Sygenta Case (April 2018)
Farmers sue their own lawyers at Watts Guerra, claiming fraud in Syngenta GMO case
(Reuters) – Three North Dakota farmers filed a class action Tuesday against the Texas plaintiffs’ firm Watts Guerra, alleging that Watts and a dozen co-counsel duped nearly 60,000 farmers into signing 40 percent contingency fee agreements in nationwide litigation against the agricultural company Syngenta, then cut secret deals to preserve the contingency fees by excluding Watts clients from state and federal class actions against the company. The Minnesota federal court class action asserts racketeering, conspiracy, fraud and state-law claims against Watts and the other defendants. The suit asks, among other things, for a declaration that the contingency fee agreements are void.
Mikal Watts of Watts Guerra said in a phone interview Wednesday that the new class action is “frivolous and meritless,” and that the farmers’ lawyer, Douglas Nill of FarmLaw, is uninformed about the Syngenta litigation.
Last September, the agricultural giant agreed to a $1.5 billion settlement to resolve nationwide claims by hundreds of thousands of U.S. corn farmers who blamed Syngenta for pushing sales of genetically modified seeds that produced a crop China refused to import. The settlement, structured as a class deal, resolves claims by Watts Guerra clients as well as corn farmers not represented by the firm. It received preliminary approval earlier this month from U.S. District Judge John Lungstrum of Kansas City, Kansas, who is overseeing consolidated litigation in federal court.
“We have done a good job and we’ve done it ethically,” Watts said. “Every dollar I’m going to earn in this case is a fee earned.”
In a press release issued after our interview, Watts added, “My firm has spent tens of millions of dollars and invested tens of thousands of hours, and worked over the past four years with other fine law firms across the Corn Belt, who collectively applied the herculean pressure required to force Syngenta to settle this case brought on behalf of American corn farmers for $1.5 billion … I worked diligently and ethically to achieve the task I was appointed to undertake, and did so at the direction of two excellent special masters operating under the careful supervision of three judges, in both state and federal courts.”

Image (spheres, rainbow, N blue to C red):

Watts, as you may recall, has weathered far worse than fraud allegations in a civil suit. In 2016, he was acquitted by a federal jury in Mississippi on charges that he orchestrated a scheme to defraud the oil company BP by filing claims on behalf of tens of thousands of “phantom clients.” Watts, who represented himself at the criminal trial, blamed outside investigators for supplying his firm with flawed information about seafood workers who purportedly suffered economic injuries after the Deepwater Horizon oil spill.
Regardless of what happens in the new class action, this case – like the Volkswagen clean diesel and NFL concussion cases – raises tough questions about the obligations of lawyers who represent individual clients in litigation resolved through sweeping class action settlements.
As the complaint alleges, U.S. corn farmers who never filed their own suits against Syngenta will just have to pay court-awarded fees to class counsel. But those who followed Watts Guerra’s exhortations and retained the firm to file individual suits are facing 40 percent contingency fees on top of fees for class counsel.
Even if the MDL judge awards class counsel only 10 percent of the settlement, Watts Guerra clients will see nearly half of their recovery consumed by legal fees, according to the complaint. That would be “grotesque,” the complaint said.
It’s all the more galling, the new suit contends, because Watts Guerra and the other defendants deceived their clients about the relative merits and drawbacks of filing their own suits and then supposedly made sure the farmers they represented would not be notified about developments in the federal case in Kansas City or a statewide class action in state court in Minnesota.